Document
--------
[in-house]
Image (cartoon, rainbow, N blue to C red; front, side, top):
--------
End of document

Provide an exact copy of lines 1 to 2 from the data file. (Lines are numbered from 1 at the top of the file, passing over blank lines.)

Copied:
[in-house]
Image (cartoon, rainbow, N blue to C red; front, side, top):